Keywords: Cytomegalovirus – Diphtheria – Antibody maintenance – Elderly

Keywords: Cytomegalovirus; Diphtheria; Vaccines.

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#Molecular Characterization of #Corynebacterium diphtheriae #Outbreak Isolates, #SouthAfrica, March–June 2015 (@CDC_EIDjournal, abstract)

[Source: US Centers for Disease Control and Prevention (CDC), Emerging Infectious Diseases Journal, full page: (LINK). Abstract, edited.]

Volume 23, Number 8—August 2017 / Research

Molecular Characterization of Corynebacterium diphtheriae Outbreak Isolates, South Africa, March–June 2015

Mignon du Plessis, Nicole Wolter, Mushal Allam, Linda de Gouveia, Fahima Moosa, Genevie Ntshoe, Lucille Blumberg, Cheryl Cohen, Marshagne Smith, Portia Mutevedzi, Juno Thomas, Valentino Horne, Prashini Moodley, Moherndran Archary, Yesholata Mahabeer, Saajida Mahomed, Warren Kuhn, Koleka Mlisana, Kerrigan McCarthy, and Anne von Gottberg

Author affiliations: National Health Laboratory Service, Johannesburg, South Africa (M. du Plessis, N. Wolter, M. Allam, L. de Gouveia, F. Moosa, G. Ntshoe, L. Blumberg, C. Cohen, M. Smith, P. Mutevedzi, J. Thomas, K. McCarthy, A. von Gottberg); University of the Witwatersrand, Johannesburg (M. du Plessis, N. Wolter, C. Cohen, A. von Gottberg); National Health Laboratory Service, Cape Town, South Africa (V. Horne); University of KwaZulu-Natal, Durban, South Africa (P. Moodley, M. Archary, Y. Mahabeer, S. Mahomed, W. Kuhn, K. Mlisana); National Health Laboratory Service, Durban (Y. Mahabeer, K. Mlisana); National Department of Health, KwaZulu-Natal, South Africa (W. Kuhn)

 

Abstract

In 2015, a cluster of respiratory diphtheria cases was reported from KwaZulu-Natal Province in South Africa. By using whole-genome analysis, we characterized 21 Corynebacterium diphtheriae isolates collected from 20 patients and contacts during the outbreak (1 patient was infected with 2 variants of C. diphtheriae). In addition, we included 1 cutaneous isolate, 2 endocarditis isolates, and 2 archived clinical isolates (ca. 1980) for comparison. Two novel lineages were identified, namely, toxigenic sequence type (ST) ST-378 (n = 17) and nontoxigenic ST-395 (n = 3). One archived isolate and the cutaneous isolate were ST-395, suggesting ongoing circulation of this lineage for >30 years. The absence of preexisting molecular sequence data limits drawing conclusions pertaining to the origin of these strains; however, these findings provide baseline genotypic data for future cases and outbreaks. Neither ST has been reported in any other country; this ST appears to be endemic only in South Africa.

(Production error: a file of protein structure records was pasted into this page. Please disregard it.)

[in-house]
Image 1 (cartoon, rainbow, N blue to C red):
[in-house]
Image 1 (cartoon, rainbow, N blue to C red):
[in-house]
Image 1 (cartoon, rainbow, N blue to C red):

Keywords: Diphtheria; Corynebacterium Diphtheriae; South Africa.

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More than 20 years after re-emerging in the 1990s, #diphtheria remains a #publichealth problem in #Latvia (@eurosurveillanc, abstract)

[Source: Eurosurveillance, full page: (LINK). Abstract, edited.]

Eurosurveillance, Volume 21, Issue 48, 01 December 2016  / Surveillance and outbreak report